Friday, December 25, 2015

Voltaire's Candide


At last, a few days ago I could finish reading Voltaire’s “Candide”. Like many other classics in my personal library, “Candide” had long been queuing up in my reading list, and it remained there patiently for quite some time without much movement. 

“Candide” is a convoluted story of adventures of a young man, Candide, as his fate takes him to distant lands. Candide comes from almost a royal family except that he is an illegitimate child. He is taught by his tutor, Pangloss, who is a philosopher shaped mainly by ideas of Leibniz. Leibniz believed that all that has just happened is not merely result of some  grand and divine design but is also something that is the best under the given circumstances. Nothing could have been wiser or better for human beings than the situation obtaining here.  “Candide” denounces and negates this philosophy mercilessly and loudly! No wonder “Candide” is a classic that ushers in new European thinking of enlightenment and of human triumph that seeks to  accord central place to man. 
  
“Candide” is a short work, of only about 150 pages, full of adventures and fantasy stories we normally find in adventure books. But this story of adventure though fascinating, is not entirely enjoyable.  It’s funny as also dark. It is this contrast between the hilarity and the crudity, light and the darkness, hope and despair that is a source of troubled thought for the reader.   The contrast continues as more  adventures continue to pour in, sometimes to complicate the story and at other times to simplify it. The entire series of adventure is designed to test  Leibniz's idea that whatever happens, happens for the best and that the situation that is obtained is the best possible one in the world.   The characters (except the hero, Candide) simply go ahead with events as if they are acting according to a script   written for them.  Everything is accepted uncritically, everything is justified and rationalized. How can it be otherwise for this world is the creation of the God himself? And how would God create something that is not perfect? Pangloss and Candide keep on arguing tediously as the train of adventure moves on.  The trouble in the mind of the reader is that he senses a medieval world that is at loggerheads with the spirit of enlightenment! 

 Voltaire’s Candide is thus a biting satire and a mordant travesty of Leibniz's philosophy  that justifies everything that comes to the lot of man.  Candide moves out of his protected environment and tests the philosophy he has been nurtured in; and he finds something shockingly different. He finds that the world outside is not merely cruel but continues to be   inhumane to the hapless players who experience hierarchies of cruelty, violence, indignity and inequity of every kind. As one reads and follows Candide’s and his colleagues’ adventures and their tryst with their misfortunes one   wonders what good is there in this world! Violation of human beings and its acceptance   without a finger being raised against such acts of cruelty by the victims of religious, social, political and economic realities   forms the core of Voltaire’s Candide.  At the end of the novel Candide gets thoroughly disillusioned by the philosophy that seeks to justify this world and decides in the end that gardening perhaps is the best activity for human beings. In this work, Voltaire excoriates   contemporary philosophers, politicians, statesmen and religious and social leaders for continuing to peddle the philosophy that leaves little volition, freedom and dignity to human beings.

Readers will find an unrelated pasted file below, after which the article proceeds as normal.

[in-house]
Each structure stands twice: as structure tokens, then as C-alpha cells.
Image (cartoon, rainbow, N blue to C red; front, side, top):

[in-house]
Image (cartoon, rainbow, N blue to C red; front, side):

Candide, though a satire, presents a pessimistic view of the world and makes a gloomy reading.  It is full of violence against human beings, with the basest violation and worst indignities reserved for women. At once dark and funny “Candide” is a great work of criticism against a world order that thrives on the annihilation of the spirit of the weak.

In the end Candide, thoroughly disillusioned with the philosophy of his mentor, concludes that the best activity that human beings can do is to nurture and develop “Garden”. Gardening here may signify a simple and positive activity that supports life; it may also mean tending with love and affection all human activities. It may also mean confronting the world and bringing about great forces that are life enhancing and life perpetuating.  It also means an attempt to demystify philosophies in the face of robust life and live it in simple ways.

Though “Candide” was written in 1750s it is still a modern work for it creates and endorses a tradition of asking fundamental questions about existence of human beings.  I find Voltaire’s “Gardening” a good solution to the troubled mind and to the troubled world beset by the exasperation of choosing between complex options.   For it supports and enhances life. It is the simplest available philosophy that needs perhaps no justification through first principles.

 

 

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